When we think about the best ways to overcome the opioid crisis in the United States, decriminalizing illegal drugs is rarely present at the table. After all, it seems like it would do the exact opposite. If illicit drugs such as heroin became legal, then surely it would become easier for addicts to acquire the drug and perpetuate their destructive behavior. Not to mention, making heroin easily available, will surely increase the number of current users.
However, one example proves that these assumptions are far from the truth.
For a long time, Portugal faced a severe heroin crisis that crippled nearly 1% of the entire population. So, how did they handle the issue? Contrary to what you may think, they didn’t implement harsher rules that made it extremely difficult for people to purchase the drug. Instead, they decriminalized heroin in 2001.
The results were staggering. According to a 2016 United Nations report, Portugal now has one of the lowest drug-related fatality rates in the entire world. In fact, in 2012 Portugal had only 12 drug-related deaths (and we’re talking about a population that is around 10 million).
Seems too Good to Be True?
Decriminalizing drugs was, for the most part, the decision that shocked the public, particularly because most people can’t figure out how making drugs legal would help bring down overdose death rates. It was not, however, the only decision taken by the country to solve its heroin crisis.
In truth, the decriminalization of opioids was only one part of a comprehensive framework specifically created to help addicts and users. Portugal opted to stop dealing with heroin addicts traditionally, put them face-to-face with the justice system and sentence them to jail time.
Instead, in Portugal, drug addiction is considered a medical issue and treated as such.
How It Works
Nowadays, drug users in Portugal can receive up to 10 days’ worth of drug supplies instead of being charged with a criminal offense for possessing or using.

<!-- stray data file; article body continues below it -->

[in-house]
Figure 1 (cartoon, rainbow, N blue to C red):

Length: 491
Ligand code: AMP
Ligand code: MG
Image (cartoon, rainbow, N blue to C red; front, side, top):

Whenever someone is caught using drugs, they are asked to go to an administration office overseen by the Ministry of Health. These institutions are allowed to apply certain fines and penalties, but their primary purpose is to evaluate the user.
They will determine if you’re a problematic user or an occasional one. Even if you’re just an occasional user, a team of specialists will still evaluate you to assess whether this behavior can lead to problems in the future. If you are putting themselves or others in danger because of your addiction, then you will be redirected towards a treatment facility.
In short, those who need heroin addiction treatment can get it, and those who only use the drug recreationally are no longer severely scrutinized. This measure not only allowed Portugal to deal with its heroin crisis head-on but it also drastically changed public opinion on drugs and addicts.
What Can the U.S. Do?
The U.S. is no stranger to drug epidemics, as the opioid crisis is currently keeping the nation under its grip. If you compare the two countries regarding drug-related deaths, you will notice that the U.S. is far behind.
After all, the Government is taking the necessary measures to help drug addicts recover, some very similar to the programs in Portugal. For instance, it is now common for drug users to follow medication-assisted treatments. Patients replace their drug of choice with less addictive and less harmful substances and ultimately work towards getting sober.
Perhaps the most evident difference between the two nation’s relation to drugs is the attitude they have towards them, and how they treat addicts. Portugal thinks of its drug addicts as patients in need of treatment. In the U.S., however, drug users are considered criminals and incarcerated.
Sure, attitudes can’t change overnight. Portugal had roughly 16 years to get used to this idea, accept it, and even revise the decision to provide better care for addicts. It is clear that there needs to be a statewide framework in which drug abuse treatment is encouraged over the criminal pursuit of addicts. Maybe it’s time to think of drug addicts as patients, not criminals.